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Joy Behar: Her Views on her Show, Gay Marriage and Living the Good Life, Exclusive

Joy Behar: Her Views on her Show, Gay Marriage and Living the Good Life, Exclusive

SheWired had the rare opportunity to chat with the incomparable Joy Behar to discuss her thoughts and feelings on gay marriage, television and the entertainment industry in general. In between her obligations to "The View" on ABC and "The Joy Behar Show" on HLN (sister to CNN), Behar took our hand to walk through a day in her life.  Along the way, we discovered that the Emmy Award-winning talk show host and comedienne is just as full of spunk off-screen as she is on-screen, she loves playing Scrabble and would rather not wear suspenders.

SheWired had the rare opportunity to chat with the incomparable Joy Behar to discuss her thoughts and feelings on gay marriage, television and the entertainment industry in general. In between her obligations to The View on ABC and The Joy Behar Show on HLN (sister to CNN), Behar took our hand to walk through a day in her life.  Along the way, we discovered that the Emmy Award-winning talk show host and comedienne is just as full of spunk off-screen as she is on-screen, she loves playing Scrabble and would rather not wear suspenders.

Behar’s love for the LGBT community extends well-beyond the scope of a television lens and into a sphere much more personal. Performing stand-up in front of gay crowds helped the Brooklyn-born comedienne, age 67, hone her craft and discover the self-confidence she never realized existed. Behar draws from her former experience as a school teacher to pepper the relatable comedy everyone can’t get enough of on television and in comedy clubs across America. She is pleasantly outspoken and wonderfully charismatic. We couldn’t be happier for Ms. Behar’s success.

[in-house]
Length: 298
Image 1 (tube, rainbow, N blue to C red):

I remember the days when you’d pop up onto the set of The View when Barbara Walters was absent. Speaking as a viewer for a moment, the best move, in my opinion, was adding you into the mix full-time. You’re outstanding!

Thank you very much. That was 13 years ago! It seems like yesterday, though!

You have been the one sitting duck in the water throughout all of the changes at The View. Meaning, while the waves moved around you, you remained calm, still and steady. Have you ever entertained the idea of leaving The View?

Well, I have my own show now on HLN, but I’m not contemplating leaving at the moment, no. I guess eventually, I mean, I can’t stay there forever. I’m not Regis Philbin [laughs]. There will be a day I suppose where I say, “Okay, I’m getting out of my rocking chair and I’m leaving”.

You’ll start wearing suspenders or something!

[Laughs] Exactly! You’re right!    

Not only do you have The View, you also have your own show on HLN! Your schedule must be jam-packed with both shows. Can you walk us through a typical day for you?

Well, I get up at 7:00am and then get the coffee, the New York Times outside my door along with the New York Post and the Daily News and on Wednesdays, the Enquirer.  I must have my Enquirer! I do ten things at one time. I’m on my iPad, watching television while reading the newspapers and drinking coffee! Then I take a shower and have a meeting in the morning with my people from HLN on the phone to decide what the show’s gonna look like that night – a quick meeting – and then I go over to The View. Then while we’re getting hair and make-up, we sit and chat about what we’re going to talk about. Then we do The View from 11:00am – 12:00pm and then at 12:00pm I am basically done with that, usually. Then I come over here [to her office at The Joy Behar Show] and start to work on this show and we tape this show at 4:00pm. I’m done around 6:00pm or 6:15pm and then I have dinner. I do that four days a week not five so it doesn’t kill me and I have a three day weekend, usually. Sometimes I do stand-up gigs, too, so I have that also.

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In addition to your television commitments, you are still involved with stand-up comedy. What is your trick to switching gears between the two mediums?

Well, the thing about that is that I don’t do stand-up as often now that I have these two shows. You can see where it would be difficult to do. On July 3, 2010, I’ll be doing a show in Sag Harbor on the Hamptons and then I have another job on July 30, 2010 in New Jersey at the Count Mason Theatre in Midbanks.  So, I have a couple of gigs coming up, you know? But it’s not like the days when I had gigs every weekend. I can’t do that right now. But I always keep it because it’s the one thing that completely belongs to me and keeps me independent so I don’t want to lose that. Television can drop me any day now whenever they feel like it, but at least this way I can make sure I am able to make a living.